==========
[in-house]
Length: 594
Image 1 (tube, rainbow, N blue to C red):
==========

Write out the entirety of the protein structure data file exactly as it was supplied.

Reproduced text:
[in-house]
Length: 594
Image 1 (tube, rainbow, N blue to C red):